Nonetheless, although p21 contributes to the growth arrest of senescent cells, it is unlikely to be solely responsible for the complex and paramount changes underpinning senescence and, even more, aging. Moreover, p53 regulates a plethora of target genes affecting several physiological and metabolic pathways, all heavily involved in regulation of aging and establishment of senescence.88 Here, we review several of these pathways and discuss their potential implication in p53-induced senescence and p53-regulated aging (Figure 2).

p53 and E2F7

In agreement with the idea that p21 is not sufficient to explain the essential need for p53 in the establishment of senescence, two recent papers have described E2F7 as a new p53 target involved in cell-cycle arrest and senescence.47, 89 In particular, Aksoi and colleagues, in Scott Lowe’s laboratory, showed that E2F7 is upregulated in a p53-dependent fashion during proliferative as well as OIS. This gene is an atypical member of the E2F-family of transcription factors, as, unlike canonical E2Fs, it does not heterodimerize with DP1 proteins,90, 91 but binds DNA as a monomer and promotes repression of several E2F target genes, including E2F1. Moreover, many genes essential for mitosis, such as cyclin A, cyclin B and cdc2/cdk1, are repressed in senescent cells in a E2F7-dependent way. Hence, functionally, E2F7 arrests cell-cycle progression at the mitotic phase. This may have some important implications for tumorigenesis, explaining an apparent conundrum. In fact, both p53 and Rb are necessary for a full establishment of senescence. But, whereas p53-depleted cells are immortalized and readily transformed by exogenous oncogenic Ras alone, Rb-depleted cells, despite failing to undergo proper senescent arrest, are not immortalized and expression of Ras is not sufficient for their transformation and does not endow them with tumorigenic capability.92 Aksoi and colleagues demonstrate that p53-mediated upregulation of E2F7 is potentially responsible for this difference. In fact, concomitant inactivation of both Rb and E2F7 immortalizes cells and allows Ras-mediated cellular transformation.47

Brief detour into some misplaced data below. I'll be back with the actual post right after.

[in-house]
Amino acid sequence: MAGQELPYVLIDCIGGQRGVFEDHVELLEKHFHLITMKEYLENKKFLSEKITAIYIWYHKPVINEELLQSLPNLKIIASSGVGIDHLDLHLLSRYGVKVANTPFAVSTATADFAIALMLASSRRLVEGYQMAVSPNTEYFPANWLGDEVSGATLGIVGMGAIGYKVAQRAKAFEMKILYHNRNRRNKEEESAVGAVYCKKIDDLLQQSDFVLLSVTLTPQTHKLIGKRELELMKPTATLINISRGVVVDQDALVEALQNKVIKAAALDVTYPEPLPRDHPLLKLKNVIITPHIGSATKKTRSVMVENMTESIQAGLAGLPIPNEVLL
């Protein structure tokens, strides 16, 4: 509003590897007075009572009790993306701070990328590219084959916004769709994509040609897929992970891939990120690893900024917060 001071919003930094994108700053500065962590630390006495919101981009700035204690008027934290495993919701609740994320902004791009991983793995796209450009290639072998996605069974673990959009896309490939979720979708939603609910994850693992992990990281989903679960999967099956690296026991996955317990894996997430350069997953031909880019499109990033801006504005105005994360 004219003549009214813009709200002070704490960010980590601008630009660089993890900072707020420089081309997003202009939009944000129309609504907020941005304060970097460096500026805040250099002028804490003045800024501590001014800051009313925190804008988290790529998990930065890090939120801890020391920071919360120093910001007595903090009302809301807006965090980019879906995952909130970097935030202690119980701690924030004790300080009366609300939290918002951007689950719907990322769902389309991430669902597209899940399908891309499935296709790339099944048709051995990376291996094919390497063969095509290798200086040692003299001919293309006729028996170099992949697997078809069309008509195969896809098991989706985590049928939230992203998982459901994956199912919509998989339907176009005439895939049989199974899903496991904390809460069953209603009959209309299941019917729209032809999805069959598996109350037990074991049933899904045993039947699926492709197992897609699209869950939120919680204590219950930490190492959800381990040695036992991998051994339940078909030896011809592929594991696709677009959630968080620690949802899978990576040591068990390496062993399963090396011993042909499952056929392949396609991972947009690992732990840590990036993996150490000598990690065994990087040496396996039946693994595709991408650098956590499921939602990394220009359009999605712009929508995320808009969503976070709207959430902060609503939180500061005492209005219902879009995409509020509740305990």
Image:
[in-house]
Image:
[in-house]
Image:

p53 and mTOR

The kinase mechanistic target of rapamycin (mTOR), previously known as mammalian TOR, is at the interface between growth and starvation. When nutrients are available, mTOR is active and promotes organism growth and anabolism. Conversely, in the case of nutrient depletion, mTOR is promptly inactivated to favor catabolism and growth arrest. Mechanistically, mTOR phosphorylates its substrates S6 kinase 1 and eIF4E-binding protein 1 to regulate mRNA translation initiation and progression, thus controlling the rate of protein synthesis.93 Hence, mTOR is implicated in diseases showing growth deregulation and metabolic compromise, such as cancer, diabetes and obesity94 and is a master regulator of senescence and aging in several animal models, such as yeast,95, 96, 97, 98 worms,99 flies100 and mice,101 where mTOR inhibition has been proved to prevent the expression of some senescent markers.102 Overall, many findings suggest that sustained mTOR signaling promotes cell and tissue aging, fostering the idea that inhibition of mTOR may increase longevity. From yeast and Caenorhabditis elegans and up to mice and primates, one of the most effective methods in prolonging lifespan is caloric restriction (CR),103 achieved decreasing caloric intake, without malnutrition. Importantly, mTOR is necessary for the CR beneficial effect and CR fails to extend lifespan in organisms where mTOR signaling has been reduced.104 Moreover, in Drosophila melanogaster, inhibition of mTOR during CR results in selective increased translation of components of the mitochondrial electron transport chain mediated by increased activation of eIF4E-binding protein 1. This selective upregulation leads to improved mitochondrial respiration, decreased ROS production and results in reduced ROS-dependent senescence and prolonged lifespan.105 Strikingly, the drug rapamycin, a chemical inhibitor of mTOR, has been recently shown to prolong lifespan in mammals.101

Active mTOR signaling promotes tumor growth and malignancy and, to some extent, mTOR partners behave like oncogenes.106, 107, 108, 109, 110 Thus, even though it is normally related to cellular growth, mTOR activity reinforces certain types of senescence,.111, 112, 113 In this regard, it is of great interest that overexpression of the GTPase protein mTOR-activator Ras homolog enriched in brain (Rheb) triggers senescence in vivo and in vitro in an mTOR-dependent fashion.111 Similar results were described upon in vivo overexpression of the mTOR downstream target eIF4E.114 Moreover, the ability of mTOR to promote cell growth seems to be pivotal to the establishment of senescence in cell-cycle-arrested cells. Indeed, expression of p21 induces senescence when mTOR is active, but it promotes quiescence when cells are serum starved (that is, mTOR is inactive) or upon pharmacological inhibition of mTOR by rapamycin.102, 115 This may have important implications in p53-induced senescence as detailed below. Nonetheless, this pro-senescence function of mTOR does not apply universally: DNA-damage-induced senescence seems refractory to mTOR inhibition,102 whereas in Ras-driven OIS dampening of mTOR signaling has been reported116 (see chapter p53 and autophagy). Moreover, mTOR promotes senescence via autophagy inhibition, by decreasing lysosomal degradation of intracellular components. Activated by nutrients, mTOR inhibits autophagy, a process that may contribute to mitochondrial dysfunction ER stress and senescence. Indeed, autophagy seems to be required for the senescence response116, 117, 118 (Figure 2).